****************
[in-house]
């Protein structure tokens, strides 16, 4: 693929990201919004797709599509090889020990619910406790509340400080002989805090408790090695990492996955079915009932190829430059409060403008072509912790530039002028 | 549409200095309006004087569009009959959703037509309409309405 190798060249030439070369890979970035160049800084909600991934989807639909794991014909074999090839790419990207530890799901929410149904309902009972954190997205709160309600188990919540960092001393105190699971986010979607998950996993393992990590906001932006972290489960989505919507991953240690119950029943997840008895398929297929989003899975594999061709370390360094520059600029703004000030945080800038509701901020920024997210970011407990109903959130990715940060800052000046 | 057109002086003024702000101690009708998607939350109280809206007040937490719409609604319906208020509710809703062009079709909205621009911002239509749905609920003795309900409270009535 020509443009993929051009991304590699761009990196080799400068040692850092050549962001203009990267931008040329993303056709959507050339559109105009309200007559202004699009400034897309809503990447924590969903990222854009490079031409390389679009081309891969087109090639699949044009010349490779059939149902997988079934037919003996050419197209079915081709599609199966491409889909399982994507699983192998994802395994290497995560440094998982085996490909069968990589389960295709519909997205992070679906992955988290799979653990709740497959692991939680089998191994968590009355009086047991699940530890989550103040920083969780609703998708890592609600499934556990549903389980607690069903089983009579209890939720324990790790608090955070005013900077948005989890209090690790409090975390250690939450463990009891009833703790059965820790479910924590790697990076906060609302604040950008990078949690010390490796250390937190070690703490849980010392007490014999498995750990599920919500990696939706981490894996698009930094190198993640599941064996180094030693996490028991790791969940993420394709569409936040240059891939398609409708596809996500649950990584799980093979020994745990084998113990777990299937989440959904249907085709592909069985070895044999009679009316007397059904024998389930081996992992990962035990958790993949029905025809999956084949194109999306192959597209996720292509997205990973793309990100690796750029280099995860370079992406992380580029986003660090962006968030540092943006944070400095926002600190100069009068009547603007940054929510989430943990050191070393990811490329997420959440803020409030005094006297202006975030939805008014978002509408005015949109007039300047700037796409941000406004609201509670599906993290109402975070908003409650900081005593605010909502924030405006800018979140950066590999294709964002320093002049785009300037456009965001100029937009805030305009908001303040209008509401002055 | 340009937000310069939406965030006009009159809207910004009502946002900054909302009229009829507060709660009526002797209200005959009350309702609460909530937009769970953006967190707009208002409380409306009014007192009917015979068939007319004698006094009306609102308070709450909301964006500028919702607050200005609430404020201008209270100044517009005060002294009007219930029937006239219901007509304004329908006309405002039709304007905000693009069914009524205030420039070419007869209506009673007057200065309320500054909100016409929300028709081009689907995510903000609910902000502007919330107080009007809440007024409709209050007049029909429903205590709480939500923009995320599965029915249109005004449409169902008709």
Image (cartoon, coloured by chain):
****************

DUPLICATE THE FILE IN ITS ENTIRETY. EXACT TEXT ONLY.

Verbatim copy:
[in-house]
């Protein structure tokens, strides 16, 4: 693929990201919004797709599509090889020990619910406790509340400080002989805090408790090695990492996955079915009932190829430059409060403008072509912790530039002028 | 549409200095309006004087569009009959959703037509309409309405 190798060249030439070369890979970035160049800084909600991934989807639909794991014909074999090839790419990207530890799901929410149904309902009972954190997205709160309600188990919540960092001393105190699971986010979607998950996993393992990590906001932006972290489960989505919507991953240690119950029943997840008895398929297929989003899975594999061709370390360094520059600029703004000030945080800038509701901020920024997210970011407990109903959130990715940060800052000046 | 057109002086003024702000101690009708998607939350109280809206007040937490719409609604319906208020509710809703062009079709909205621009911002239509749905609920003795309900409270009535 020509443009993929051009991304590699761009990196080799400068040692850092050549962001203009990267931008040329993303056709959507050339559109105009309200007559202004699009400034897309809503990447924590969903990222854009490079031409390389679009081309891969087109090639699949044009010349490779059939149902997988079934037919003996050419197209079915081709599609199966491409889909399982994507699983192998994802395994290497995560440094998982085996490909069968990589389960295709519909997205992070679906992955988290799979653990709740497959692991939680089998191994968590009355009086047991699940530890989550103040920083969780609703998708890592609600499934556990549903389980607690069903089983009579209890939720324990790790608090955070005013900077948005989890209090690790409090975390250690939450463990009891009833703790059965820790479910924590790697990076906060609302604040950008990078949690010390490796250390937190070690703490849980010392007490014999498995750990599920919500990696939706981490894996698009930094190198993640599941064996180094030693996490028991790791969940993420394709569409936040240059891939398609409708596809996500649950990584799980093979020994745990084998113990777990299937989440959904249907085709592909069985070895044999009679009316007397059904024998389930081996992992990962035990958790993949029905025809999956084949194109999306192959597209996720292509997205990973793309990100690796750029280099995860370079992406992380580029986003660090962006968030540092943006944070400095926002600190100069009068009547603007940054929510989430943990050191070393990811490329997420959440803020409030005094006297202006975030939805008014978002509408005015949109007039300047700037796409941000406004609201509670599906993290109402975070908003409650900081005593605010909502924030405006800018979140950066590999294709964002320093002049785009300037456009965001100029937009805030305009908001303040209008509401002055 | 340009937000310069939406965030006009009159809207910004009502946002900054909302009229009829507060709660009526002797209200005959009350309702609460909530937009769970953006967190707009208002409380409306009014007192009917015979068939007319004698006094009306609102308070709450909301964006500028919702607050200005609430404020201008209270100044517009005060002294009007219930029937006239219901007509304004329908006309405002039709304007905000693009069914009524205030420039070419007869209506009673007057200065309320500054909100016409929300028709081009689907995510903000609910902000502007919330107080009007809440007024409709209050007049029909429903205590709480939500923009995320599965029915249109005004449409169902008709």
Image (cartoon, coloured by chain):